Jacob Mchangama in Arc Digital:
After years of providing oxygen to the political guerrilla tactics of Donald Trump, Mark Zuckerberg and Jack Dorsey finally decided that fanning the flames of violent insurrection through a firehose of incendiary falsehoods violated their terms of service (sort of).
From a purely legal point of view, Facebook and Twitter were on solid ground. The First Amendment might be the most protective free speech standard in the world, but this bulwark of liberty protects the social media platforms from government officials, not government officials from the platforms.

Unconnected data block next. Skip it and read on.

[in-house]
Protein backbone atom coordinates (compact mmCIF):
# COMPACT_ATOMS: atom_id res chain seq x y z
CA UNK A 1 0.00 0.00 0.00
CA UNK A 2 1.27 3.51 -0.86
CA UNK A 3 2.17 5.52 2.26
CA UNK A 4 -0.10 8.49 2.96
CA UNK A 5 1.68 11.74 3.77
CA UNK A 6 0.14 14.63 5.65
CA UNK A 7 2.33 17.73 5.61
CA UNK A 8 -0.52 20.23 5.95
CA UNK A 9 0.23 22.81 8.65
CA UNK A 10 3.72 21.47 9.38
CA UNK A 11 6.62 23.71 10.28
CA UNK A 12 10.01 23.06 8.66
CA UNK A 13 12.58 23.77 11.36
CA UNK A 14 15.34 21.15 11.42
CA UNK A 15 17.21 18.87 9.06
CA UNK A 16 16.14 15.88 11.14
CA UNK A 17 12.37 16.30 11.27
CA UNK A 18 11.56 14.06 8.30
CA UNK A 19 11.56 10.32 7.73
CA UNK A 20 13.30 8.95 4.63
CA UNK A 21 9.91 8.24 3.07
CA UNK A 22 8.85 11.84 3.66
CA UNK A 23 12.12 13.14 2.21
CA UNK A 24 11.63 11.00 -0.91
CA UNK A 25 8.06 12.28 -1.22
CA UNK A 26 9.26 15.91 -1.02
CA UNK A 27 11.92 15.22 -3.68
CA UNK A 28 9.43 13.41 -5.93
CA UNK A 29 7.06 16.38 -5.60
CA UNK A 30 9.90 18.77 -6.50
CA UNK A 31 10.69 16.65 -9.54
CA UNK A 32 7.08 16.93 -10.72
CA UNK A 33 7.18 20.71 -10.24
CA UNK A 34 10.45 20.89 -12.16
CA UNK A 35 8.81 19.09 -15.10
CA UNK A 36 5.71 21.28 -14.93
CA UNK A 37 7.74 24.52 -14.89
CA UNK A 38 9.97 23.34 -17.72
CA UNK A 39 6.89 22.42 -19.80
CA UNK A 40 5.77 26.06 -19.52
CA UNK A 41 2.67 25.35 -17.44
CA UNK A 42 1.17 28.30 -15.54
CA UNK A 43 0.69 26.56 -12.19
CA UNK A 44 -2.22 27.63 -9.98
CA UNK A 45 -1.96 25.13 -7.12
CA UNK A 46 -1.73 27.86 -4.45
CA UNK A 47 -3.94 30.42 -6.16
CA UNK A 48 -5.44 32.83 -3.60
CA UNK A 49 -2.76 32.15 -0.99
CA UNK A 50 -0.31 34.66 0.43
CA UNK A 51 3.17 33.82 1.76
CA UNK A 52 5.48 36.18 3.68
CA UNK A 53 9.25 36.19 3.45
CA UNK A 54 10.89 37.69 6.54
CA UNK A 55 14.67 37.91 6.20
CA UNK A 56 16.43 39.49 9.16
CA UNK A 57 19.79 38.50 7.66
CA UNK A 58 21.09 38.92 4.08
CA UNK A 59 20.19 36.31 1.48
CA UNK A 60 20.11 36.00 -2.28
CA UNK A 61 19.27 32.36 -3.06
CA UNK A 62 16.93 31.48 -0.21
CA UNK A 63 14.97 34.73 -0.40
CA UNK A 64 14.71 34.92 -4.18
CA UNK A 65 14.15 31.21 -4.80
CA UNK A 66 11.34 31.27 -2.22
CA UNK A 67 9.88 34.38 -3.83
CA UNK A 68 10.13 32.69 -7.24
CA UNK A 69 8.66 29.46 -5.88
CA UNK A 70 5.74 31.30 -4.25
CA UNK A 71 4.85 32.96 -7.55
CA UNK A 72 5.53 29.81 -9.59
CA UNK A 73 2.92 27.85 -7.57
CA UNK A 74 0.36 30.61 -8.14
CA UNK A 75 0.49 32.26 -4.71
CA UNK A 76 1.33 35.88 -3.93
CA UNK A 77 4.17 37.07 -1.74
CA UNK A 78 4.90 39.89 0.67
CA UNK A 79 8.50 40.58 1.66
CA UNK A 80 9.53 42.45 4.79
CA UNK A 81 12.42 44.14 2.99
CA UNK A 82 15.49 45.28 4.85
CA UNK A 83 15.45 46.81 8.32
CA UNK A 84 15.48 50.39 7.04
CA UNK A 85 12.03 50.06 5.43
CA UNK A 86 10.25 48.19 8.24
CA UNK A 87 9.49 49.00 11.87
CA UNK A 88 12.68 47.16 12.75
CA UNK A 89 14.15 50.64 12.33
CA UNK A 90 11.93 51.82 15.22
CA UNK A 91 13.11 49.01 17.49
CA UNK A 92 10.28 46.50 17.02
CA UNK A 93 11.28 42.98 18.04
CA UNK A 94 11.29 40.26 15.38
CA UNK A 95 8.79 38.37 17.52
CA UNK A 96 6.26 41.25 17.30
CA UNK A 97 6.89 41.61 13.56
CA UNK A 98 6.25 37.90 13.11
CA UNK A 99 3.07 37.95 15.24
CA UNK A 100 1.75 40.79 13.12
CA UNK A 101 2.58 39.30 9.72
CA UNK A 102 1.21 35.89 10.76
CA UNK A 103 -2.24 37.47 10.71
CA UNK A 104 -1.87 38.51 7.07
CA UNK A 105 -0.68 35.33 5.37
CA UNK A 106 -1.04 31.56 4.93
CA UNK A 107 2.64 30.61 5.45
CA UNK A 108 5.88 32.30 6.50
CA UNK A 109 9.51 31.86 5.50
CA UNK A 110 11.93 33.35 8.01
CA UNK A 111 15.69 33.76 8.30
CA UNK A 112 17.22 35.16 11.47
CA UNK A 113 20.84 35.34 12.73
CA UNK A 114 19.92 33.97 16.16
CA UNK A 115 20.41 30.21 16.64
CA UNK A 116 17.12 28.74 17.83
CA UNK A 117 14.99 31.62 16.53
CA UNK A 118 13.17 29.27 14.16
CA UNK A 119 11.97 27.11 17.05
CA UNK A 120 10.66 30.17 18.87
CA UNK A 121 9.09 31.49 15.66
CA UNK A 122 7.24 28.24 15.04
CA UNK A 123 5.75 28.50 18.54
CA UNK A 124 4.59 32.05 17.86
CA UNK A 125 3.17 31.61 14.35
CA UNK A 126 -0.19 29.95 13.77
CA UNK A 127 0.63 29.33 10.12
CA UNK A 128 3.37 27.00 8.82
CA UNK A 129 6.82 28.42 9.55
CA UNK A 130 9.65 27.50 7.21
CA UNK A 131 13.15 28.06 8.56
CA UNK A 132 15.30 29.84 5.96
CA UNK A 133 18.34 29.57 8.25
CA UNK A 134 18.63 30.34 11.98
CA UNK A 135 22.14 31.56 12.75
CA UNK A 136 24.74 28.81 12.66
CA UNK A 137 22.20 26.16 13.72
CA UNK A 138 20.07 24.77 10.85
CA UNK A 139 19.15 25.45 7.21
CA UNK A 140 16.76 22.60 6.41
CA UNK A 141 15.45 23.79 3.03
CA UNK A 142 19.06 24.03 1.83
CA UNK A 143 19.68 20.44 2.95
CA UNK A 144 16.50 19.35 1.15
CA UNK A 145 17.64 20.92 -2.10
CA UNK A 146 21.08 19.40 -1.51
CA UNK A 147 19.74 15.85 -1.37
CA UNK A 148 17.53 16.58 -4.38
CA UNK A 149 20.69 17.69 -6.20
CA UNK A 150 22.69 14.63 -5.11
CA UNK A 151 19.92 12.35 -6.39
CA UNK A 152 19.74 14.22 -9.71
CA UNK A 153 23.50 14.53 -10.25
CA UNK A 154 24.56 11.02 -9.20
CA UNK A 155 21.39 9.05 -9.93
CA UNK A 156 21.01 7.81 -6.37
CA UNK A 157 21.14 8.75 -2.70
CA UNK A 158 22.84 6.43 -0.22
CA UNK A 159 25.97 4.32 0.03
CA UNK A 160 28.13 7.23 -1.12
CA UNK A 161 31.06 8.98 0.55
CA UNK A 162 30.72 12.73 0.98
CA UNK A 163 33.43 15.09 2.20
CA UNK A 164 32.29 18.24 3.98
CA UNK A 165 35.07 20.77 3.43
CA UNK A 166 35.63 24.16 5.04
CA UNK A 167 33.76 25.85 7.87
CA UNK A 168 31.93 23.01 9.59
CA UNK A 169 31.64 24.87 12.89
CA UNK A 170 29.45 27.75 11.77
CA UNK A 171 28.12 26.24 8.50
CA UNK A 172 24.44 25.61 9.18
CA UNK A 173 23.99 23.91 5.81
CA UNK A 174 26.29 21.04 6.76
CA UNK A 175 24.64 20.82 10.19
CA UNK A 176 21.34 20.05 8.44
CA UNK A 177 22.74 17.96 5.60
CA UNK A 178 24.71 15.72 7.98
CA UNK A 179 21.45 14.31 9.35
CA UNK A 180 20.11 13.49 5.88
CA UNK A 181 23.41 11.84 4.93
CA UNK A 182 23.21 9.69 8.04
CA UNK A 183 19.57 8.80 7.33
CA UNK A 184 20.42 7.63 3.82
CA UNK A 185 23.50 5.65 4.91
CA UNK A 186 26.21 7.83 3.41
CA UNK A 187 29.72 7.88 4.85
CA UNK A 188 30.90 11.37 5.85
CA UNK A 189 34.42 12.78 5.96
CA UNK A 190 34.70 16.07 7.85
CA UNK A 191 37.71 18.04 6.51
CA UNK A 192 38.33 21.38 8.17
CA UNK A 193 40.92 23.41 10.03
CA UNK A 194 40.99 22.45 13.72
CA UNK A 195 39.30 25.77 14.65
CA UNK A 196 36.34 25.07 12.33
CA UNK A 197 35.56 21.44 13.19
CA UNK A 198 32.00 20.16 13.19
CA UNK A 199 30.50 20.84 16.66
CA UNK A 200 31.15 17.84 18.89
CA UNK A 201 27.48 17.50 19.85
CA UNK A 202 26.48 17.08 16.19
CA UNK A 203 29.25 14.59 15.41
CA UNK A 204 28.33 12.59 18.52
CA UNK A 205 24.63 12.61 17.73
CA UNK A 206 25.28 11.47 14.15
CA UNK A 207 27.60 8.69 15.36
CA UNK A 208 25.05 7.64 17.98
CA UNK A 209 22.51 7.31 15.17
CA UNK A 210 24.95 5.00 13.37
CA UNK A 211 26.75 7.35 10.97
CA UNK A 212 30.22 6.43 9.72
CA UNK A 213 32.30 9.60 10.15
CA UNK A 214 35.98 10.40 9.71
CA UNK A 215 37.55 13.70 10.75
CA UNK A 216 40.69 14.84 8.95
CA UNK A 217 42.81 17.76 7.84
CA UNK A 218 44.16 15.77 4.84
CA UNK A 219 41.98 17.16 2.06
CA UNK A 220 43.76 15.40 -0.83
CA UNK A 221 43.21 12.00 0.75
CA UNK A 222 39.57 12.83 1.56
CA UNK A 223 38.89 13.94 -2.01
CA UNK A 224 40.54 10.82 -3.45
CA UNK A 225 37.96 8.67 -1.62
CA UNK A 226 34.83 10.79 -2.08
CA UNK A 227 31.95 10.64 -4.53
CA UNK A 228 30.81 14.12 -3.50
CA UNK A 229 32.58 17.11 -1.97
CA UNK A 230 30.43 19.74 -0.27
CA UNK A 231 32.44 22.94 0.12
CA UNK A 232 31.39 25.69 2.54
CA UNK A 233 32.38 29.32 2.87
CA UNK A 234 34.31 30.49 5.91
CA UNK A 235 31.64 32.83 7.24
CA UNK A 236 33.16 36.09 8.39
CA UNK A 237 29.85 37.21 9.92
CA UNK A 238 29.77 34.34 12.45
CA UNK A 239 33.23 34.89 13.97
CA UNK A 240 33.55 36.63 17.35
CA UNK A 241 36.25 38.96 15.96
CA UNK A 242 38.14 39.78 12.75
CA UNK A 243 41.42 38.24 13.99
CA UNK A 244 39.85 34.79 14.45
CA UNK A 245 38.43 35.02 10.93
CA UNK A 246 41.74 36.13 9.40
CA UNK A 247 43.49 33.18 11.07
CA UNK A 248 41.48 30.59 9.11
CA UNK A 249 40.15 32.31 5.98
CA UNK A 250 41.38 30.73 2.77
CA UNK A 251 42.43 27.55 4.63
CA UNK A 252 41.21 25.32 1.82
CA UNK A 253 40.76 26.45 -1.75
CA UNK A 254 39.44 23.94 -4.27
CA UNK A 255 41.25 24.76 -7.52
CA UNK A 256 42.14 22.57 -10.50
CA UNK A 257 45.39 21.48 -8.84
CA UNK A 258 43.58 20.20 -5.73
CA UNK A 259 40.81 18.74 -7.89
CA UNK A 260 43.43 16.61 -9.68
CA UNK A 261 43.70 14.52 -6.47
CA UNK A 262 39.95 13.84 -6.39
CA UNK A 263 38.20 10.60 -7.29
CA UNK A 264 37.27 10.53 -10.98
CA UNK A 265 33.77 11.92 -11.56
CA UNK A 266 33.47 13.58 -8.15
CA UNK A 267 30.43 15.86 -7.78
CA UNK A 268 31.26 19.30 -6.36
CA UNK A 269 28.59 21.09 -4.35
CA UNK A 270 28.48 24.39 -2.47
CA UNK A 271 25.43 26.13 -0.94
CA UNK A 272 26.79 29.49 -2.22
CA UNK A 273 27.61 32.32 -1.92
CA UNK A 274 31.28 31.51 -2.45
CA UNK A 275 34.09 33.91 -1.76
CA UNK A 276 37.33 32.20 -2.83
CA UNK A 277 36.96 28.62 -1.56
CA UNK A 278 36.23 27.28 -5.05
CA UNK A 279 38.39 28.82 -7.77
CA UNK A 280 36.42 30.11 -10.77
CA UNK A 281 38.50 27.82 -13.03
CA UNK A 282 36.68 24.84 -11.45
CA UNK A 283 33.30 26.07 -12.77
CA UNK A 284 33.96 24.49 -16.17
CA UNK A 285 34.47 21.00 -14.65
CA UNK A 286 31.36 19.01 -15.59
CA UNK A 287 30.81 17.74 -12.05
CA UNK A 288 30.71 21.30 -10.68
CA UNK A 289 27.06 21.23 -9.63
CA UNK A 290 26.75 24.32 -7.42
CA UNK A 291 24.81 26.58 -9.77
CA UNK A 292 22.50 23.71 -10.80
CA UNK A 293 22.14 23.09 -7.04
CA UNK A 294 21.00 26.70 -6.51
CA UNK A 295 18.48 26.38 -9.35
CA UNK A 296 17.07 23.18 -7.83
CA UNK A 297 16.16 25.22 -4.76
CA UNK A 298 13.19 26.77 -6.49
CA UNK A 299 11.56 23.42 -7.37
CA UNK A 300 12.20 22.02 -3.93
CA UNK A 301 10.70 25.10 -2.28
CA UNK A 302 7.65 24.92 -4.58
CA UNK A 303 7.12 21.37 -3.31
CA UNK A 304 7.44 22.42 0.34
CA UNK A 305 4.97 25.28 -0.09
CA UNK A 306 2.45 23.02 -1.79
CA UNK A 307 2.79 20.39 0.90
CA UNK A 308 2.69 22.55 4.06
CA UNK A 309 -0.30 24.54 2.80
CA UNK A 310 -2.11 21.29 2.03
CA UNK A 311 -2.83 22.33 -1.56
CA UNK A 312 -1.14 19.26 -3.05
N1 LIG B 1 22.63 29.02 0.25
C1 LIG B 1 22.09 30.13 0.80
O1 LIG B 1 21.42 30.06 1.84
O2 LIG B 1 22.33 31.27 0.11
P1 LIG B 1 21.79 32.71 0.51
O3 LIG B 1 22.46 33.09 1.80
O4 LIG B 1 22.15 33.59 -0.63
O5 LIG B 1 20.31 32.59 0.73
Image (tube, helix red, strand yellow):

Since Facebook and Twitter are private entities, some liberals see no free speech issue at all with how they moderate user generated content distributed to billions of people across the world, many of whom rely heavily on social media for news and information.
In the specific context of Trump, the narrow legal purist understanding of free speech is seductive. Indeed, the muting of Trump feels almost cathartic after four years of incessant disinformation, petty grievances, and stab-in-the-back legends with Trump as the victim fighting heroically against the “Enemies of the People.”
However, the larger ecosystem needed for free speech to thrive does not begin or end with the law.